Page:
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Senate OKs resolution on Rome Statute ratification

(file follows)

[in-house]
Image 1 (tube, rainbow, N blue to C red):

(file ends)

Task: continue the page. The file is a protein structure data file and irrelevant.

(Updated 8:44 p.m.) Voting 17-1, the Senate on Tuesday approved on the third and final reading a resolution concurring with the ratification of the Rome Statute of the International Criminal Court. The Senate made the concurrence only after Senate President Juan Ponce Enrile opposed Senate Resolution No. 546, which seeks to concur with the ratification of the Rome Statute which was signed by President Benigno Aquino III last February 28 and ratified on May 6. On the same day, the Department of Foreign Affairs (DFA) expressed their appreciation of the move, commending the Senate for “its strong leadership on the issue." “The Senate’s concurrence is a clear reaffirmation of our country’s strong advocacy for and abiding commitment to justice, human rights and the rule of law," Acting Secretary of Foreign Affairs Antonio Rodriguez said in a statement Tuesday. The Rome Statute provides for the establishment of the ICC, which is based in The Hague, The Netherlands. Under the treaty, the ICC can step in only when countries are unwilling or unable to dispense justice when it comes to the “most serious crimes of concern to the international community, namely genocide, war crimes, crimes against humanity, and aggression," according to the DFA. Article 7, section 21 of the Philippine Constitution states that no treaty or international agreement shall be valid and effective unless concurred in by at least two-thirds of all members of the Senate. 11 years in the making The statute was first signed by the Philippines in December 28, 2000 though then Deputy Permanent Representative to the United Nations in New York Enrique Manalo. Since then, the DFA has been “an ardent advocate" of the measure, according to the statement. In March this year, Aquino received in Malacañang ICC president Sang Hyun-Song. In 2002, then Foreign Affairs Secretary Teofisto Guingona first recommended its ratifications to President Gloria Macapagal-Arroyo. A year later, former DFA Secretary Blas Ople resubmitted the same recommendation in 2003. The Rome Statute was concluded in 1998 by the UN Diplomatic Conference of Plenipotentiaries and participated in by over 140 countries, including the Philippines. It entered into force nearly four years later after 60 states became parties to the statute. Currently, 116 states have either ratified or acceded to the statute. — Kimberly Tan with Bea Cupin/VS, GMA News
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